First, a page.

Gilbert says that Hamas’s decision to take hostages is a continuation of these prior practices and also a continuation of the group’s alleged efforts to use civilians as “human shields.” Hamas has often been accused by Israel of locating its bases or launching weapons in Gaza near or in residential areas. Recently, Israel claimed Hamas’s headquarters is located under one of Gaza City’s main hospitals, for example, an accusation Hamas has refuted. In this case, Hamas could be using the presence of hostages in Gaza’s tunnels to protect its operatives.
In the days immediately following the October 7 attack, Hamas threatened to kill a civilian hostage every time Israel targeted Gaza civilians with airstrikes “without warning,” though it has not repeated that claim in the weeks since.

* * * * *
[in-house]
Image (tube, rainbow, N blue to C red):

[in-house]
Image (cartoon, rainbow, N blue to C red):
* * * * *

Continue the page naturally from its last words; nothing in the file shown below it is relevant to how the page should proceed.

Overall, it’s difficult to say exactly how this hostage situation will play out given how different it is from Hamas’s past practices, and how much we don’t know. The group currently being held is one of the largest number of hostages Hamas has ever taken, and is unusual because it includes such a wide range of civilians, in addition to service members.
What does Hamas want in exchange for the hostages? What is its longer-term strategy?
Hamas likely has short- and long-term demands related to the hostages — including some it’s publicly expressed.
Hamas is calling for more humanitarian aid to be distributed in Gaza in exchange for the release of additional hostages in the near term. That aid includes food, water, and fuel, the last of which has proven to be a barrier to an agreement due to Israeli government concerns that it could be used to supply rockets and more attacks. Hamas has also reportedly demanded a ceasefire in exchange for the release of more hostages, according to the Wall Street Journal.